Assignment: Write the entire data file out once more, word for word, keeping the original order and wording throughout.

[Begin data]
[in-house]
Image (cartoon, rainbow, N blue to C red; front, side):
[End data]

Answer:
[in-house]
Image (cartoon, rainbow, N blue to C red; front, side):